It’s the second time in two weeks that we’ve been afloat on the canals. Last week we hired a 67 footer to navigate the delightful Kennet & Avon waterway from Bath to Devizes and back, and this weekend we’re visiting Dave and Ju on their own boat near Leighton Buzzard on the Grand Union.

The weather pattern has been similar on both trips, with warm and sunny August days transposed with days of torrential rain which makes lock working somewhat less attractive. But hey, this is England and who needs a suntan anyway?

Especially when you’re enjoying the pleasures of the English waterways.

Kennet & Avon Canal

Kennet & Avon Canal

I’ve had a fascination with our canal system ever since Sue introduced me to it in the mid 1970’s. A journey by narrow boat offers a unique and highly intimate perspective on our countryside, towns and cities, as well as a window into our recent industrial past.

The rise, fall and regeneration of this man-made network of communication is the story of the industrial revolution and the subsequent technological advances that rendered canals redundant. The engineering prowess of the early canal pioneers is there for all to see in structures such as the Dundas Aqueduct a few miles out from Bath, with it’s elegant solution to spanning the River Avon below. But it is also testament to the sheer physical efforts of the thousands of navigators – ‘navvies’ as they became known – who formed the pathways for the canals to run on  with their bare hands. Embankments, cuttings, bridges and tunnels were created without the benefit of the huge earthmoving machines that seem to construct modern motorways with hardly a human to be seen.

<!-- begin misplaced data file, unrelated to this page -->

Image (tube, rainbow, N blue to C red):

The accumulation of knowledge was rapid as canal-building technology improved. The early ‘contour’ canals followed the lie of the land, resulting in stretches such as the South Oxford taking it’s leisurely, meandering path from Coventry down towards the Thames. In one place, at Wormleighton, a mile long sweeping bend brings the cut within  a few yards of itself as it seeks to avoid the need to bridge the rolling hills and hollows of the land.

As the canals became more profitable and those profits rose with rapid journey times, later engineers such as Thomas Telford found ways to forge straight through the countryside, compensating for the contours with huge earthworks and dramatic structures, of which the  most striking example has to be the amazing Pontcysyllte Aqueduct near Llangollen.

Of course, like any arterial route, the joy is in the travelling of it, and the canals bring such joy in spades. The locks, an  early engineering solution to hills, have matured into quaint and picturesque places of beauty, activity and camaraderie. Boaters and bystanders alike gather at the side of locks, still inspired by the cleverness of it all, and sharing a friendly acknowledgement and often an interesting anecdote.

If you enjoy this country, are happy to be outside, and relish the opportunity to explore, try taking a trip on a narrow boat.

There’s just one thing. Make sure you take your raincoat.